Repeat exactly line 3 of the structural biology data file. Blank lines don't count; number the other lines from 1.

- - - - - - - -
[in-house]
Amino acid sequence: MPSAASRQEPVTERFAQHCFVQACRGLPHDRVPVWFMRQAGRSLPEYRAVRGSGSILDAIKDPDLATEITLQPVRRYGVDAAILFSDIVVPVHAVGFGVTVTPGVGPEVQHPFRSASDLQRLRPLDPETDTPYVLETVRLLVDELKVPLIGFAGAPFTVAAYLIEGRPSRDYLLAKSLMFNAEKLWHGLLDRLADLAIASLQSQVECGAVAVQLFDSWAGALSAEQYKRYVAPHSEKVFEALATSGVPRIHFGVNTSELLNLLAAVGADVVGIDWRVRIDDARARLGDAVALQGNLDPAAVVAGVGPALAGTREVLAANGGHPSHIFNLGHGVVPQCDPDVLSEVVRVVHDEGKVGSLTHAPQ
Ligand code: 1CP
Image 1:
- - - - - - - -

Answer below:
Ligand code: 1CP